Swinging: A Solitary Or Social Situation?

Swings offer many obvious physical benefits for developing children. They increase coordination, develop strength, improve balance, and have even been shown to help autistic children with sensory integration. However, what might not be as obvious are the social benefits that swinging offers. Although swinging can be enjoyed by a lone child, more often, children have to navigate complex social situations to get their turn on the swing. During these situations, children learn how to negotiate, compete within safe boundaries, and cooperate with others. 

Negotiation 

The playground is a place where children are constantly practicing negotiation skills, because it is often a place where there are fewer resources than there are children. If there is just one swing, but multiple swingers, then children have to learn how to take turns and share resources. 

You may be surprised by the creative negotiation skills some young children develop. They learn to divide the territory of the playground, to work together on elements that are traditionally meant for a sole user, and to develop complex ‘timing’ systems to limit turns. One of the best things that an adult supervisor can do to help encourage creative negotiation skills is to let the children sort it out themselves. Try not to step in and offer solutions unless it is absolutely necessary. 

Competition 

Children naturally compete at many things, and swinging is no exception. They will want to see who can swing higher and who can jump further. While this might set your heart racing, your children are actually learning how to integrate their boundaries into competition. They are learning how far they feel comfortable pushing themselves to meet the expectations of their peers while remaining physically and emotionally safe. These lessons in boundaries can be useful years later, when your teen begins to experience peer pressure.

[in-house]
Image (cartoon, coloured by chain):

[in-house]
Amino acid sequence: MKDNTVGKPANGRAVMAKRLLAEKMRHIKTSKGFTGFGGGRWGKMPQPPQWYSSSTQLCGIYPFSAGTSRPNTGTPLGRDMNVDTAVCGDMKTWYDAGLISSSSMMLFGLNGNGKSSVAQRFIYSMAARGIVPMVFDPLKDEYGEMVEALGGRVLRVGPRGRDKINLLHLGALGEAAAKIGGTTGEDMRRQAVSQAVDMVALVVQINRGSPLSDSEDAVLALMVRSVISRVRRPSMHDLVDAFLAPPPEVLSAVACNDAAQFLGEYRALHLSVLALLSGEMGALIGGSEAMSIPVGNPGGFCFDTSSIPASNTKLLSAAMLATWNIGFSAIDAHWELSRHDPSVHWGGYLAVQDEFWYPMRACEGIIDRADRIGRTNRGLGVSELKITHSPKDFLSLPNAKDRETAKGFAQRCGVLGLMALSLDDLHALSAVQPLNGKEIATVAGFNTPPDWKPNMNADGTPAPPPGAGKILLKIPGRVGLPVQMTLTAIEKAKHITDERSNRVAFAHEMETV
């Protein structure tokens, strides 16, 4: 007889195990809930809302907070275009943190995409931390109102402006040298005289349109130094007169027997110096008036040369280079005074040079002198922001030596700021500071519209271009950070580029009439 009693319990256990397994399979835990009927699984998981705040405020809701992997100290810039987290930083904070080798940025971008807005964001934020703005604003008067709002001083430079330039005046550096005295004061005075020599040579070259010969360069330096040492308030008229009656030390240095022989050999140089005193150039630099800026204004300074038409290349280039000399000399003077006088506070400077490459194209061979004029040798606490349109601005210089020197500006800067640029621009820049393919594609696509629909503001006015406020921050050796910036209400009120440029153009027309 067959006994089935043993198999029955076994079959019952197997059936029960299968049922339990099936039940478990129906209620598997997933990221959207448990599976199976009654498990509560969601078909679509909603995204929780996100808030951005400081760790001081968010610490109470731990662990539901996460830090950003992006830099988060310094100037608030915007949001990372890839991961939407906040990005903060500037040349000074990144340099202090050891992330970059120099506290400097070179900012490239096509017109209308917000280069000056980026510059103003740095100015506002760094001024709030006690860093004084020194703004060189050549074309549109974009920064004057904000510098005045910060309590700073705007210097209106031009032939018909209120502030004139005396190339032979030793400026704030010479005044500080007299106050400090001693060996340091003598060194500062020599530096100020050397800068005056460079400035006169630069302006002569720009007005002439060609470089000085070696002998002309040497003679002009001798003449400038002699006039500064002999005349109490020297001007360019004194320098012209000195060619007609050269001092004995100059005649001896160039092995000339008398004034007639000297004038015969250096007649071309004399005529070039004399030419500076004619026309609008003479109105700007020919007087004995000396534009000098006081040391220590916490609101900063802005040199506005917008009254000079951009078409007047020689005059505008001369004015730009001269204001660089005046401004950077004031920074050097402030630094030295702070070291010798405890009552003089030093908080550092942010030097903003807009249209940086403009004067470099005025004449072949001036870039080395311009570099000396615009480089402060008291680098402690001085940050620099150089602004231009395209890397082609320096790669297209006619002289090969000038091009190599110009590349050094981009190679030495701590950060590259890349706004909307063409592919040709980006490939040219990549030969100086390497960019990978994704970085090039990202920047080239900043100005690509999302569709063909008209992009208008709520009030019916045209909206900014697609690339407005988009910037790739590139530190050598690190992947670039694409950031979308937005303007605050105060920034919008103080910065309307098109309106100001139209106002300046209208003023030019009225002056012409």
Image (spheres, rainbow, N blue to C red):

Cooperation

Children not only push each other on swings, but they come up with creative ways to twist the swings or swing in positions that they would not be able to alone. This teaches your children the benefits of cooperation and also teaches them how to communicate their creative ideas to their peers. 

As you can see, swinging (and playing at a playground in general) is much more than a solitary experience. Whether you have multiple children or a single child, it is important to give them time playing on various structures alongside their peers. You can either install a swing set from Kids Gotta Play in your yard and let your child invite some friends over for creative play, or head out to the park a little more often. 

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